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Black Man in A White Coat

Black Man in A White Coat

A Doctor's Reflections on Race and Medicine

Book - 2016
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When Damon Tweedy begins medical school, he envisions a bright future where his segregated, working-class background will become largely irrelevant. Instead, he finds that he has joined a new world where race is front and center. The recipient of a scholarship designed to increase black student enrollment, Tweedy soon meets a professor who bluntly questions whether he belongs in medical school, a moment that crystallizes the challenges he will face throughout his career. Making matters worse, in lecture after lecture the common refrain for numerous diseases resounds, "More common in blacks than whites." Black Man in a White Coat examines the complex ways in which both black doctors and patients must navigate the difficult and often contradictory terrain of race and medicine. As Tweedy transforms from student to practicing physician, he discovers how often race influences his encounters with patients. Through their stories, he illustrates the complex social, cultural, and economic factors at the root of most health problems in the black community. These issues take on greater meaning when Tweedy is himself diagnosed with a chronic disease far more common among black people. Tweedy explores the challenges confronting black doctors, and the disproportionate health burdens faced by black patients, ultimately seeking a way forward to better treatment and more compassionate care.
Publisher: New York, N.Y. : Picador, 2016
Edition: First Picador paperback edition
Copyright Date: ©2015
ISBN: 9781250105042
Branch Call Number: R154.T84 A3 2016x
R154.T84 A3 2016x
Characteristics: 294 pages : portrait ; 21 cm


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Dec 11, 2016

This book begins with Tweedy's experiences as a med student at Duke. He discusses his career as he rotates through different rotations as a resident and then ultimately becomes a psychiatrist at Duke. The book begins focusing on the prejudice he faces, but the majority of the book looks at health disparities in our country. He examines a system in which African-American patients are more likely to have chronic illnesses, higher fatalities, and lower level of care. The book is both a memoir, and a look at how the healthcare system fails so many patients.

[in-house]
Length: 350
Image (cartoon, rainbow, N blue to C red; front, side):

Oct 20, 2016

As a scholarship student, Tweedy starts out with an inferiority complex, afraid that people will think he does not deserve to be in medical school. He fears anything that will draw attention to his race, and cringes at every mention of racial medical statistics. This initial fear tempers somewhat, but it leads to his very cautious and measured approach in this book. Tweedy largely skirts around more controversial topics such as the war on drugs and discriminatory policing, both factors which contribute to the shortening of black lives. Full review:

Nov 11, 2015

Excellent book. Great book for medical student or professional. Very eye opening details from his perspective as black medical student and doctor. Very well written and engaging. I'm not in the medical field, but this book definitely has me thinking differently about the healthcare in this country as it relates to African Americans. I enjoyed the personal stories along with the statics.

Nov 05, 2015

Excellent, eye-opening book about a man raised in a segregated black neighborhood, gets a full scholarship to Duke University, and eventually becomes a psychiatrist. We see through his eyes his experiences, dealing with race in many different situations, his own background prejudices, and the need to deal with ones prejudices while dealing with patients. It is an excellent book and I found it riveting.


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Oct 20, 2016

The son of a working class African-American family from Maryland, in 1996 Damon Tweedy accepted a scholarship to Duke University Medical School. As he began learning about various diseases and conditions, he was soon bombarded by a familiar refrain: “more common in blacks than in whites.” Tweedy initially assumed these problems were genetic vulnerabilities, but his experiences soon led him to realize that social and economic factors were, in most cases, much more significant, and in turn these factors play out “along racial lines.” Initially intent on avoiding drawing any attention to his race, Tweedy instead becomes interested in reducing these disparities.


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